Bioethics Blogs

Space to grow? Neurological risks of moving to Mars

By Carlie Hoffman
Artistic rendition of a human colony on Mars, image
courtesy of Wikimedia Commons

Humans have been venturing into space for over 50 years. Starting in 1961 when the Russian cosmonaut Yuri Gagarin became the first human to travel into space, by 1969 Neil Armstrong, Michael Collins, and Buzz Aldrin became the first humans on the moon, and by 1998 the International Space Station had launched its first module. More recently our exploration of space has started to reach new heights, with 2011 seeing the launch of the Mars One company and its mission to produce the first human colony on Mars by 2033.

Despite our half century of space exploration, scientists have only recently started researching the effects of space travel on the brain. The question of what our brains will look like after spending an extended amount of time in space is increasingly pressing with the impending inception of the Mars colony. The first group of Mars colonists are expected to begin training later this year and will undergo 14 years of training before departing Earth in 2031 and finally landing on Mars in 2032. Though establishing a human colony on Mars will be another giant leap for mankind, will the colonists that travel to and live on Mars have the same brains as when they left Earth?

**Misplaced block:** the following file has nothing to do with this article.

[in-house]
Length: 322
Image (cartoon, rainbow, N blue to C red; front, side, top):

Scientists have known for some time that space travel is hard on the body. As astronauts become farther away from Earth, the pull coming from Earth’s gravitational field becomes weaker and astronauts experience weightlessness; however, the human body is not designed to live in a weightless state.

The views, opinions and positions expressed by these authors and blogs are theirs and do not necessarily represent that of the Bioethics Research Library and Kennedy Institute of Ethics or Georgetown University.